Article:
7
Equations
of
State
The properties of fluids can be defined in two ways, either by the use of tabulated data
(e.g. steam tables) or by state equations (e.g. perfect gas law). Both of these approaches
have been developed by observation of the behaviour of fluids when they undergo simple
processes. It has also been possible to model the behaviour of such fluids from ‘molecular’
models, e.g. the kinetic theory of gases. A number of models which describe the
relationships between properties for single component fluids, or constant composition
mixtures, will be developed here.
7.1 Ideal gas law
The ideal and perfect gas laws can be developed from a number of simple experiments, or
a simple molecular model. First the experimental approach will be considered.
If a fixed mass of a single component fluid is contained in a closed system then two
processes can be proposed:
(i)
the volume of the gas can be changed by varying the pressure, while
maintaining the temperature constant;
(ii)
the volume of the system can be changed by varying the temperature, while
maintaining the pressure constant.
The first process is an isothermal one, and is the experiment proposed by Boyle to
define Boyle’s law (also known as Mariotte’s law in France). The second process is
an
isobaric one and is the one used to define Charles’ law (also known as GayLussac’s law in
France).
The process executed in (i) can be described mathematically as
v
=
v(
PIT
(7.1)
while the second one, process (ii), can be written
v
=
v(T),
Since these processes can be undergone independently then the relationship between the
three properties is
(7.3)
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Equations of state
Equation
(7.3)
is a functional form of the
equation ofstare
of a single component fluid.
It can be seen to obey the twoproperty rule, which states that any property of a single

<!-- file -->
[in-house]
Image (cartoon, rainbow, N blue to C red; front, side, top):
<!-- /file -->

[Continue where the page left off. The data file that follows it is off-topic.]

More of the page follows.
component fluid or constant composition mixture can be defined
as
a function of
two
independent properties. The actual mathematical relationship has to be found from
experiment (or a simulation of the molecular properties of the gas molecules), and
this
can
be derived by knowing that, if the property,
v,
is a continuous function of the other
properties,
p
and T, as discussed in Chapter
6,
then
dv
=
(
$)T
dp
+
(
$)p
dT
(7.4)
Hence, if the partial derivatives
(av/ap),
and (av/aT), can be evaluated then the gas law
will be defined. It is possible to evaluate the first derivative by a Boyle’s law experiment,
and the second one by a Charles’ law experiment. It is found from Boyle’s law that
pv
=constant
giving
P
=
V
Similarly, it is found from Charles’ law that
V
_

constant
T
V
($)p
=r
Substituting eqns
(7.6)
and
(7.8) into
eqn
gives
V
V
=


dp
+

dT
P
T
which may be integrated to give
=
T
(7.5)
(7.7)
(7.8)
(7.9)
(7.10)
is known as the
ideal
gas
law.
This equation contains no information
about the internal energy of the fluid, and does not define the specific heat capacities. If
the specific heat capacities
are
not functions of temperature then the gas is said to obey the
perfect gas
law: if the specific heat capacities are functions of temperature (Le. the
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 Spring '10
 Prof.William
 Thermodynamics, Van der Waals, der Waals

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